All pastors know what it means to struggle with difficult people in their churches, and almost all would welcome guidance regarding how to deal with and counsel those types of persons. In “Toughest People to Love: how to Understand, Lead, and Love the Difficult People in your Life,” Chuck DeGroat, associate professor of pastoral care and counseling at Western Theological Seminary, attempts to provide such help.
The book is divided neatly into three parts. In Part 1 (Understanding People), DeGroat urges his readers to seek to understand and love members of their communities who engage in maddening and sometimes self-destructive behaviors. In emphases that he maintains throughout the book, he argues that this requires both 1) an understanding of the basis of these behaviors and attitudes in others and 2) a better apprehension of one’s own brokenness as a leader. In arguing for a vision of brokenness as leaders, he makes frequent reference to current books on leadership written primarily for business leaders, arguing that they have captured an emphasis on transparent leadership that church leaders need.
Part 2 (Leading and Loving Difficult People) focuses on specified psychological maladies that churches may be called upon to help, including personality disorders, addictions, and various kinds of “foolishness,” which he defines as “a life lived out of a finely tuned false self, arrogantly sure of the rightness of her way.”
Part 3 (Dealing with Ourselves: the Best Help we Can Give Another) urges the reader toward self-awareness and a sense of one’s own brokenness. This section relies heavily on medieval Christian mysticism, interpreted through the lenses of a 21st century therapeutic understanding of life, in order to arrive at a spiritual and psychological view of the path to wholeness.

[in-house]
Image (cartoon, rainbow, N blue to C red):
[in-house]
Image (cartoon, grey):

While these are subjects of importance to pastors and church leaders, this is not a book that this reviewer can recommend. The work suffers from a number of doctrinal deficiencies, beginning with its deviation from the biblical doctrine of original sin. While theological explanations have varied in some of the details, traditionally Christians, both Protestant and Catholic, have understood that in some sense a historical Adam sinned, with a result that brought guilt and corruption on all of the human race. Rather than understanding original sin and human depravity as something that is passed down in this way, DeGroat sees the Adamic story as more of a prototype that each child experiences. Thus, like Adam and Eve, each human being enters the world in a state of “righteousness” before experiencing brokenness very early on as a result of the brokenness of the people the child interacts with from the start. In pursuing that line of thought, which is sustained throughout the book, DeGroat even manages (page 33) to misconstrue Question 6 of the Heidelberg Catechism. DeGroat takes it to refer to “children” being created good and in God’s image. The briefest review of the context shows the question and answer to be related to the original state of Adam and Eve.
From that beginning point, the author proceeds to redefine the typical Christian understanding of sin and grace, fallenness and redemption, in purely psychological terms of psychic wholeness. The problem here is not that DeGroat sees redemption as applying to the whole man, for that would be a welcome emphasis. Rather, the problem is that the understanding of redemption and the work of Christ as providing a solution to objective and subjective guiltiness before a God who reconciles a people to himself is entirely replaced with something different.
Readers looking for a work addressing a similar topic from a better theological foundation might consider a book that I have just started working through: Kathryn Greene-McCreight’s Darkness is my Only Companion: a Christian Response to Mental Illness.